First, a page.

Monday, November 17, 2014
School Days Food Memories
(I published these two posts dated November 17th in the wrong order, I guess. I thought this longer one would follow the introduction, but no. Please excuse the "newbie" mistake.)
About two weeks ago A HALF BAKED LIFE had a delightful post about food memories entitled "The Breakfast Treats". It was a wonderful post and it immediately brought to mind childhood food memories of my own. With many thanks to A HALF BAKED LIFE for the inspiration, I have posted my own special childhood food memory,
It was the 1956-57 school year. My cousin J and I walked home for lunch everyday from our respective schools. J from the 9th grade at the Junior High School (as it was called back then) and me from the 6th grade at the Elementary School. Neither of us actually went "home". We went to our maternal grandmother's house. Our good fortune was that Grandma S lived one city block from J's school and 4 blocks (in the other direction) from mine.
Every school day around 12:10 I would come bounding up the two flights of stairs eager to see if Grandma was serving our favorite lunch. J would already be there and would be tuning the big table radio to her favorite Rock and Roll station. There was always a chance we could hear Elvis (sigh) or one of our favorite songs.
What was for lunch? Sometimes it was just a Tuna Salad Sandwich and some Campbell's (was there any other kind?) Chicken Gumbo Soup. But about every 2 or 3 weeks we would find our absolute favorite menu waiting for us:
Lynden's Chicken Tamale
This was a product that Grandma should have purchased in bulk! It was easy to cook, just remove the paper label, heat the can in a pot of boiling water for about 3 minutes, remove the pot from the stove and cool it under running water in the sink. When it was cool enough to be handled, the can was set upright on a plate and opened, with a hand can opener. Then the can was turned upside down and the other end was opened and the tamale was ready to slide out of the can. Getting the tamale out of the can all in one piece was almost as satisfying as eating it! J and I each received half. And it was always sliced length wise because the shredded chicken was at the bottom.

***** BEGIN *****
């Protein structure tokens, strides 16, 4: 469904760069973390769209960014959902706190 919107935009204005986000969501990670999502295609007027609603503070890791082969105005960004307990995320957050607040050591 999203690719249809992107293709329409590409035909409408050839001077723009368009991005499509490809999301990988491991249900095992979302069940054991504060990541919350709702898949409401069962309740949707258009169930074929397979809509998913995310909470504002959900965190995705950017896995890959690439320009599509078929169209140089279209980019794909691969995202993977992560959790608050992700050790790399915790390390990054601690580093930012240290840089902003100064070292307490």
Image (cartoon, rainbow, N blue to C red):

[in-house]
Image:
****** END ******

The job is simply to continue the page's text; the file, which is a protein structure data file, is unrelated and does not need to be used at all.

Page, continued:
Sometime in the 60s or 70s Lynden Chicken Tamales disappeared from store shelves. Lunch would never be the same again.
Home Grown Raspberries
These Raspberries came from vines in Grandma's backyard (and hand picked by us during the summer). So many of those succulent berries never made it to the basket. The berries that did make the cut were home canned by Grandma and whichever little helper she could roundup at canning time. As a result, there were jars and jars on shelves in the cellar. Besides the Raspberries, there were Pears, and two different kinds of Cherries all from trees in the backyard. We were in charge of the picking which also included the wild Blackberries that grew on the sides of the lane behind the garage. They were good for when the Raspberries were depleted. :)
No meal was complete without the "required" glass of milk. This was milk that came from dairy to doorstep and was delivered in glass bottles with heavy cream on top. So good.
At that time, almost everyone had a Milkman. Grandma's brought milk, cottage cheese, butter and eggs. I don't remember the name of the dairy, but I do remember that the cottage cheese came in metal bowls that were in bright primary colors with a metallic tint to them. We saved those bowls for years, they moved everywhere with us, and we used them throughout the 60s and 70s in such far-flung places as Alaska and California. (Those bowls were indestructible!)
In addition to the Milkman, Grandma S had a Breadman. Cinnamon Swirl was my favorite. Yum!
My mother, her daughter, bought our bread from the Commissary on Post. It just wasn't the same, as I often and loudly complained. My pleas fell on deaf ears.
Homemade Oatmeal Raisin and/or Peanut Butter cookies. The cookies were stored in a very large cookie jar made in the likeness of Friar Tuck, you know, from Robin Hood. This cookie jar had been in the same spot, according to my mother, since she was a child. It never held "store bought" cookies. No "cardboard" cookies (as Grandpa S called them) for us. We were so sheltered.
Looking back now, I understand that this was a "Golden Interlude" in our lives. We didn't know, but change was coming. Nothing would ever be quite the same. Never again would our families live in the same city (at the same time) as our grandparents. When J and I talk these days and the conversation goes back to our childhood (as it often does) we talk about those lunches, Grandma and Grandpa S and the house on 31st Avenue. We've both said that if we could choose our "last meal" it would be the Lynden Chicken Tamale, the glass of milk (from the glass bottle), the dish of Grandma's home canned Raspberries and the homemade cookies (Peanut Butter for me - Oatmeal Raisin for J) and, of course, they would be waiting for us in the Friar Tuck cookie jar. And somewhere, Elvis would still be singing in the background.